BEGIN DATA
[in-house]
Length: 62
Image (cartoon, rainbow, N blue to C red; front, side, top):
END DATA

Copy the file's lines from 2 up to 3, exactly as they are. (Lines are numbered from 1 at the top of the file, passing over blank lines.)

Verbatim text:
Length: 62
Image (cartoon, rainbow, N blue to C red; front, side, top):